Advisors: Gert Smolka, Yannick Forster
The problem of unifying open terms naturally arises when working in a type theory, e.g. the one implemented in the proof assistant Coq. Two terms are said to be unifiable if there is a substitution such that both terms have the same normal form under this substitution. For first-order terms it is well known that this problem is decidable. However, for terms of higher order it has been shown that unification is undecidable.
In 1973 Gerard Huet proved that third-order unification is undecidable with a reduction from the Post correspondence problem. Warren D. Goldfarb improved on this result in 1981 by proving that even unification in a second-order language is undecidable. The proof is obtained by a reduction from Hilbert's 10th problem — Diophantine Equations — to second-order unification.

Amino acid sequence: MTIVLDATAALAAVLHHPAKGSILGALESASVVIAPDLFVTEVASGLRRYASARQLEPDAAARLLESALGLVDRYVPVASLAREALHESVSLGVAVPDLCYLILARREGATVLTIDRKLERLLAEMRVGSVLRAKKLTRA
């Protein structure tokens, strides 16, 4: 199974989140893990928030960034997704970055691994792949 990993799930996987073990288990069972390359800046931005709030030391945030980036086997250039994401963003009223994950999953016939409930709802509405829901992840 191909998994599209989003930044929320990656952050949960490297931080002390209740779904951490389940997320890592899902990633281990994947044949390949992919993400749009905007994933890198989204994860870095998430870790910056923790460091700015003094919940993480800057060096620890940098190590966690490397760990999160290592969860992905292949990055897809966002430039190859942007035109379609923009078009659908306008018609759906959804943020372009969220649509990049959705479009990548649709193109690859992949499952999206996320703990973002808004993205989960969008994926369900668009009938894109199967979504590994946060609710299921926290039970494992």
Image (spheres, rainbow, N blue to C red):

In my Bachelor's thesis I will formalise both reductions in Coq. In this talk I intend to give some insight into the Huet reduction as well as the formalisation thereof. In addition, I will shortly recap the main idea of the Goldfarb reduction and touch on problems that occur when modernising the proofs.